If the IRS has direct deposit information on file for you, then the money will be sent directly to your bank account. This is the quickest way the IRS will be able to send you your payment. If you don’t have direct deposit information on file, the IRS will send you a check in the mail. You will want to double-check your most recent tax return to make sure the address you submitted is still accurate. 

A major concern people are wondering about is if your 2019 income is too high to qualify you for payment and you lose your job in 2020 will you be eligible for the $1,200 or $2,400 payment. The answer is yes, as long as your 2020 income is below the limits we mentioned earlier. You won’t see this money, though, until you file your 2020 taxes. When you file your 2020 taxes, you will receive a $1,200 or $2,400 tax credit based on your reported income.


If you have lost your job due to the coronavirus, we are sending our thoughts your way. We will all get through this together.

Any time someone loses their job for a reason that doesn’t involve illegal activities, they are likely eligible for unemployment. If you have lost your job, apply for unemployment benefits with your state government. Even if your working hours were greatly reduced, it could still be worth applying for unemployment.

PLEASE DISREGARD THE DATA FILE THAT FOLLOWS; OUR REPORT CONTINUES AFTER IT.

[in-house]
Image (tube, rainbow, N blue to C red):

On top of your state’s normal unemployment benefits, an additional $600/week will be added to your weekly payment, and you will be provided an additional 13 weeks of unemployment benefits.

Unemployment benefits are also being extended to self-employed individuals, freelancers and gig economy workers such as Uber drivers for the first time. You will need to prove that you lost income or opportunities due to the coronavirus. While the guidance is still vague, just be prepared that you will likely need to prove your situation before and after the coronavirus started.

There are millions of people trying to claim unemployment right now, so you will need to be patient when trying to contact your state. Remember that there is a human on the other end of the line when you try to contact your state regarding unemployment and that they likely had nothing to do with how long it took for you to get through to them.  

One final thing to note regarding unemployment: before filing for unemployment, check in with your employer and see if they are applying for any of the small business support packages. They might be able to re-hire you. This will get you your income back much more quickly than waiting for unemployment benefits.